Facilities - Classics and Archaeology
As well as the excellent general facilities available to all students we also have some specialist ones for Classics and Archaeology students.
University of Nottingham Museum
The University of Nottingham Museum has a collection of archaeological artefacts from Nottinghamshire and the wider East Midlands (Nottinghamshire, Derbyshire, Lincolnshire and Leicestershire). The strength of these collections can be found in their original everyday use, which introduces us to everyday life over a very wide period of time.
Please note: the University of Nottingham Museum is currently closed due to the coronavirus epidemic.
We have an impressive suite of facilities dedicated to research and teaching. They were fully refurbished in 2016.
You will receive full training in lab techniques and be able to develop advanced skills depending on your specialisation.
Archaeology teaching laboratory
Used by all staff and students for practical classes and seminars.
Acts as a focus for knowledge sharing within the archaeology community. Informal Wednesday morning "hang-out" sessions allow staff and students to share latest research, problems with work, and latest news and events.
Ancient technologies laboratory
Used for analysing glasses, ceramics and metals to understand why objects were used and particular materials selected. Also used for experiments to fuse glass and fire pottery.
The lab has a fume cupboard, furnace and sample preparation facilities, as well as powerful microscopes.
Current and recent projects include research on:
- the earliest glass from Turkey
- prehistoric black glass from Europe
- the analysis of porcelain from Silk Road shipwrecks.
A dedicated space for the analysis and investigation of seeds and charcoal. It is a hub of cutting-edge research into a range of topics from human-environment interactions and food practices to trade, urbanisation and colonialism.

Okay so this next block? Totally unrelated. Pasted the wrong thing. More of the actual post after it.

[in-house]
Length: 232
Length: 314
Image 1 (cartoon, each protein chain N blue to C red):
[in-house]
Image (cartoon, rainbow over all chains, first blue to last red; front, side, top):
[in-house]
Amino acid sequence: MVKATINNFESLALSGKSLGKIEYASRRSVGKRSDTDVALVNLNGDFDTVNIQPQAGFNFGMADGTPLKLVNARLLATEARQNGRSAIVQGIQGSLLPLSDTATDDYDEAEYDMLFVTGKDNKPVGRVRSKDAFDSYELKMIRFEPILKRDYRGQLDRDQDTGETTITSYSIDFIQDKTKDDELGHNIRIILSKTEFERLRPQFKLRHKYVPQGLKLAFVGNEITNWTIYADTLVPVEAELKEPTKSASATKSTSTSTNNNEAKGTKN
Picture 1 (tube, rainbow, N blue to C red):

The lab houses a growing modern reference collection of plant material, identification manuals and a range of high quality micro and stereo scopes.
Current and recent projects include research on hunter-gatherer sites including:
- Epipalaeolithic Jordan
- the Aegean
- Roman London and Barcelona
- Anglo-Saxon Britain
- early modern Quebec (Canada).
Allows for human and non-human remains to be analysed together. This simultaneous analysis leads to greater understanding of the bones themselves as well as the activities, health and behaviour of people and animals.
This cutting-edge approach is revolutionising our understanding of mainstream archaeological questions.
Allows us to prepare samples for isotope analysis. These analyses tell us about the diets and migration patterns of past people and animals.
In particular, we seek to connect ancient and modern data to explore how human-animal-environment relationships have changed, why, and with what consequences for the future.
We are committed to preserving and presenting heritage using digital technologies. We have recently refurbished our imaging lab to improve our 3D photogrammetry, geophysics and CAD model building capabilities.
Using the latest equipment and software we can create digital illustrations, 3D models and visualisations of archaeological artefacts and sites.